Laddy loves to run away. Mama and I drive miles to find him. Some folks say he’s lucky to be alive, that dog, known to dodge tractor trailers, wrestle ‘possums, and nip the heels of cattle – apparently for fun. He often returns with a wet coat or fur so matted with prickly cockleburs I have to cut them free. Drives Mama mad.

“He’s with Red again,” Red’s owner accuses. Laddy and Red love to run together. Only Red, the springer spaniel from across the way, allows herself to be caught by strangers with outstretched hands and good intentions. Not Laddy. By the time we arrive where Red waits, Laddy is long gone.

Laddy is wiry, tenacious and as loyal to me as the sun is to the sky. Once he followed me to see a picture show in town. He waited on the front steps all night because I had exited through the back door. Laddy made the front page of the Weston County Observer. Made Mama proud.

On Laddy’s birthday, Daddy fixes him country fried steak and serves it up on a plate at the head of the table. Laddy sits on the chair, sheepish, and stares from Daddy to Mama to me, dripping with drool. I immediately move the plate to the floor and watch Laddy devour it whole.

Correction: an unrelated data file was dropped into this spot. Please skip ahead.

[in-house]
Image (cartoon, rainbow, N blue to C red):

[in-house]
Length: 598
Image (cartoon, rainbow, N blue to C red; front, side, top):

When he takes off on his usual rounds one winter night, we wait patiently for the phone to ring. But the phone is silent. No Laddy on the back porch with his head cocked as if to say, “I’m back, miss me?” Days pass and no sign of Laddy.

Deep down we fear this is the last time. “Please dear God bring back our Laddy,” I pray aloud for anyone to hear. Mama and I post signs throughout town. Miss Sidwell from the post office says she saw Laddy in a parked car at the Piggly Wiggly. Skeptical, we follow the lead anyway and find out it is someone else’s lost dog.

Mama and I walk past Red tethered to a stake in her yard on our way to my school. Hasn’t eaten for days they say. She hangs her head and whimpers as I stroke her back, feeling her skin slide over lumpy ribs.  “Come on, girl,” I whisper and wish she was with him. Breaks Mama’s heart.

A neighbor boy finds his stiff, lifeless body floating in the creek behind our house where I catch crayfish and skip rocks; the creek that Mama tells me to stay away from because the water moves so fast and so strong.

Daddy brings Laddy home. He carries the black trash bag slung over his shoulder, into the backyard. The earth is still damp from last night’s rain. With every blow to the ground, the earth opens up. Little veiny roots from nearby trees and sickly worms intermix with soft, crumbling soil. I sit there numb in the wet grass while Mama shakes her weary head.

Daddy lowers the black trash bag into the little hole underground. I see the shape of his body. But the still, frozen carcass in the bag is not Laddy. He is far, far away. I realize Laddy was not running away from us. He was running toward something.  And now he has arrived.